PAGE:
Thank you so much for your blog post. may I ask what time of year you went? We were thinking about doing the Mt. Washburn hike because of how highly its ranked on tripadvisor, but your post and pictures are giving me second thoughts. We are a fairly active family of 6, youngest is 7.

    Thank you!
    Kim

    • anto

      Hi Kim, thank you for your visit to our website. We were in Yellowstone mid-June, which we thought would be late enough to do this hike. However, a bit later in the season would be better. But as the park rangers told us, it varies each year. To make sure there’s as little snow left as possible, I’d recommend going later into the season if possible, however it was do-able for hikers with stamina though. Have a great trip to Yellowstone with your family! Antonette

      • Kim

        Thanks! I think this one will be on our might-do list instead of the must-do, although snow in June would certainly be something we’ve never seen before! Appreciate your help,
        Kim

  • mytravelfever

    Thanks for your post and photos. I am trying to plan a trip to Yellowstone but have been a bit overwhelmed with how big the park is and how much there is to see and hike. How many days do you think would be needed to do the park justice?

    • anto

      I would say at least 2 full days but more is better. We arrived around 4.00 pm on the first day, then had two full days and drove down to the Tetons around noon on the 4th day. And we still didn’t see everything. We also love hiking so that took some time, too. However, if you have more time, definitely plan it. Are you going to the Tetons, too?

  • Heide Brunette

    I loved all the pics and info. My husband and I are going to Yellowstone and Grand Teton the end of this month. You never mentioned what you did for meals, we planned on packing a picnic each day. Any suggestions? Thanks again!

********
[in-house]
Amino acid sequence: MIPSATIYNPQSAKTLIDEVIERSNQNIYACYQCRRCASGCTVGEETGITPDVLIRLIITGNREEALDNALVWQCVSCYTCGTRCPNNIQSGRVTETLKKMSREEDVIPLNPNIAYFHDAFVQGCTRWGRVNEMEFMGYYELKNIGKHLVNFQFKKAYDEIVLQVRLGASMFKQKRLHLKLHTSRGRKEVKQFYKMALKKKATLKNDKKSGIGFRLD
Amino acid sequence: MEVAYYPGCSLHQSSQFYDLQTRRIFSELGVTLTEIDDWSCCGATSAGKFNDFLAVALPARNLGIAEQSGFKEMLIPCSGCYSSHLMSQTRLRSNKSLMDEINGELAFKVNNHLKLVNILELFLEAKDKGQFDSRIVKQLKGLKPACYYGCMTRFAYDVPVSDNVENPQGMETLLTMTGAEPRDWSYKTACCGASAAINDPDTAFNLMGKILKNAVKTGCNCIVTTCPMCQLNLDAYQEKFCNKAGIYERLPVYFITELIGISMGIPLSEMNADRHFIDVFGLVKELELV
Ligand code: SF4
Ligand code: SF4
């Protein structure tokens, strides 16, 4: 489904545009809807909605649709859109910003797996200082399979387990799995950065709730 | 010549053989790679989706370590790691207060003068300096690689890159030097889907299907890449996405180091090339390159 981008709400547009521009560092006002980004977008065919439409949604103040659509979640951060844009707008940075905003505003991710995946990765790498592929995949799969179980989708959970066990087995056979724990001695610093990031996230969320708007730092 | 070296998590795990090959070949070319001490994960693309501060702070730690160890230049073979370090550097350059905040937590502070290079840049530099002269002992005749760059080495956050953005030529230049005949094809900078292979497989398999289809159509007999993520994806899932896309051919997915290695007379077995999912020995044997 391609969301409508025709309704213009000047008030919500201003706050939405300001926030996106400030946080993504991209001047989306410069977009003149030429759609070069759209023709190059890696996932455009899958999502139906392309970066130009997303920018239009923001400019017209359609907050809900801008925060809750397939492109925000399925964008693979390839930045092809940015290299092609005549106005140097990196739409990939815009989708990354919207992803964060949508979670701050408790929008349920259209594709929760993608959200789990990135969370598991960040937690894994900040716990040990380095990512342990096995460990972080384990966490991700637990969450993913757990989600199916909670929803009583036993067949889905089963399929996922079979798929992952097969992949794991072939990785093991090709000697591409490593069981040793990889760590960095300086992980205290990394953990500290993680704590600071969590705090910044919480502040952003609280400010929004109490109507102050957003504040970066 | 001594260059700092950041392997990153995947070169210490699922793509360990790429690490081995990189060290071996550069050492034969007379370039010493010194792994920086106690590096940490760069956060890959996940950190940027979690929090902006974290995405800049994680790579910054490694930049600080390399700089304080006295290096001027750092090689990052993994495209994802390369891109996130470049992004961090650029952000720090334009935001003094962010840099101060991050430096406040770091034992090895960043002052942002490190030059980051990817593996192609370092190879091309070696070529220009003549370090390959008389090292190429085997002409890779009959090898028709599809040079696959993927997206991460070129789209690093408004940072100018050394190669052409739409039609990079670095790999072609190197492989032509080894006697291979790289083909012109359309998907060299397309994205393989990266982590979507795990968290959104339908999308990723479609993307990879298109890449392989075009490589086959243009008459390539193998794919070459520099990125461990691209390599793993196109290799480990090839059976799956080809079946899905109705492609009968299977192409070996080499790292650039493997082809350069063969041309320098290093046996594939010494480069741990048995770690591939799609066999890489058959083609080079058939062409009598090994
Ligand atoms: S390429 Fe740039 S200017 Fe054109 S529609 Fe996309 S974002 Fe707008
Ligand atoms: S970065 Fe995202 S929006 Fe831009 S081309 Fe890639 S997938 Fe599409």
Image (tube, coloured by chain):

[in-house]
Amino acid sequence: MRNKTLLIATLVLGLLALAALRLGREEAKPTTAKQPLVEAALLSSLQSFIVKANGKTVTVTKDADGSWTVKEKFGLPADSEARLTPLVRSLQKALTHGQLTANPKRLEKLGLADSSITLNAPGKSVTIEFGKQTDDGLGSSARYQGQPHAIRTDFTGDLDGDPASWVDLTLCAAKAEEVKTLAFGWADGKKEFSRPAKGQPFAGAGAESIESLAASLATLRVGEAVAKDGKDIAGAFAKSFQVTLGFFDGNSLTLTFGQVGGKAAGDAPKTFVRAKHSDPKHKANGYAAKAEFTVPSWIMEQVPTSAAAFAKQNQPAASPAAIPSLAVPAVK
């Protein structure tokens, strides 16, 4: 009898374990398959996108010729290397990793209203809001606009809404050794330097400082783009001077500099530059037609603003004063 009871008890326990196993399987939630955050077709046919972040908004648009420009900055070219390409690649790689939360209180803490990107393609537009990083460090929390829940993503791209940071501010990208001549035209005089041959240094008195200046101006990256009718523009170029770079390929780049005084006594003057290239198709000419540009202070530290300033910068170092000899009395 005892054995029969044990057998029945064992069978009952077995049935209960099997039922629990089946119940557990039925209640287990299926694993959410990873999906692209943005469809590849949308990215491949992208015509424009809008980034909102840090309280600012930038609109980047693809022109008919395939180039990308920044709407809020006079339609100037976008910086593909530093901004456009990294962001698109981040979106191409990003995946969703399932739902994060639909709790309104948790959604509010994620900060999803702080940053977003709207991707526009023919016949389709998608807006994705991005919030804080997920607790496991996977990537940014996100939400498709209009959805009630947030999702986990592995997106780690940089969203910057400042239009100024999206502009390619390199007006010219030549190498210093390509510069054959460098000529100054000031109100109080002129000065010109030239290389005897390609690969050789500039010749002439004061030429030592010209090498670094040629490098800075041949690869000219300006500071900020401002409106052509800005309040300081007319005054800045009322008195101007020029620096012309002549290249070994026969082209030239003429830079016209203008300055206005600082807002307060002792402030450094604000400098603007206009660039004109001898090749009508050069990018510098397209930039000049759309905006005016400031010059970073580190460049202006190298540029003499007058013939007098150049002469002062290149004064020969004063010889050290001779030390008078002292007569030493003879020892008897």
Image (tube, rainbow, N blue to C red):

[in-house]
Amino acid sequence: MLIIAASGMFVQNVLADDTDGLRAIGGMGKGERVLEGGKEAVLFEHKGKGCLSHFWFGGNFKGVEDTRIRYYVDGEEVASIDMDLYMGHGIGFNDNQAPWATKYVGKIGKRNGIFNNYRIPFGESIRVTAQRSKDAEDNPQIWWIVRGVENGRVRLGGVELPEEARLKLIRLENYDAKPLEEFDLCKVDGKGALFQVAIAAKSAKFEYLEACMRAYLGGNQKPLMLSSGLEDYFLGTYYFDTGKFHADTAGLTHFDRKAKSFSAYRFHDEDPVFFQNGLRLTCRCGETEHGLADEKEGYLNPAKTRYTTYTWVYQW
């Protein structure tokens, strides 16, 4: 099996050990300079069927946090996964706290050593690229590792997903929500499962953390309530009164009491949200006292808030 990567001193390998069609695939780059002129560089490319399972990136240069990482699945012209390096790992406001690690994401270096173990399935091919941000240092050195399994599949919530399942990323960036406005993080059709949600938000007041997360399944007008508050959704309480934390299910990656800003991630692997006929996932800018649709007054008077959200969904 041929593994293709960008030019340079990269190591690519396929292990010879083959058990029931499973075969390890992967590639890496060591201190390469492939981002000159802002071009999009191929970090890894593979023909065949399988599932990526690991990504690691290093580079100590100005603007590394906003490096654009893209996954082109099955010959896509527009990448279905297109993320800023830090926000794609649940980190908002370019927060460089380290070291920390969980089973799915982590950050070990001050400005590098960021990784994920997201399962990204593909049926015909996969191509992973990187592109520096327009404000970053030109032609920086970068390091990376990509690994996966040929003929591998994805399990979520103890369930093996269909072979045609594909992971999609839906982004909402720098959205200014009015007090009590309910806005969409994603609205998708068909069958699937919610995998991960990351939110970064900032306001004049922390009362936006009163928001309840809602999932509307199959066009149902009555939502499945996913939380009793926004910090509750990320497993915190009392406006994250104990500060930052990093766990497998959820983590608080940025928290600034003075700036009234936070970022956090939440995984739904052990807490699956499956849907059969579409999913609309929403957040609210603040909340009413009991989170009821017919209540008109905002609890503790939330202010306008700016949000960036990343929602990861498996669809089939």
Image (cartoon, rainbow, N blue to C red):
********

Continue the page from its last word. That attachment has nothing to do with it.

• Michelle

    We just came back from Yellowstone. This place deserves a long visit! We finally got to walk the Uncle Tom trail in the Grand Canyon. It was marked “strenuous” but we thought that was an exaggeration. Our calves were BURNING by the time we got back up those 360 plus steps! The hardest part for us seeing so many tourists ignore the warnings to not walk over active hot spots or go near the wildlife. We saw so many people getting out of their cars to walk over to a lone bear cub by the side of the road I was worried we would personally witness a nasty bear attack. One big surprize for us was how cold it is at night even in July.

    • anto

      Yes, it was super cold at night. We were in June and it was almost freezing, also because of the high altitude. I just hate it when people step out of their car to picture a bear … they should be left alone. But totally agreed, Yellowstone deserves a super long visit. If it were up to me, I’d spend my whole vacation there and in the Tetons, so much to see and do – I’d never have time to hike all the trails for sure!

  • mark

    This place looks amazing I would love to tour America just to go to Yellowstone, Zion, canyon lands and the grand canyon. Our kids would love the wildlife. fantastic post much enjoyed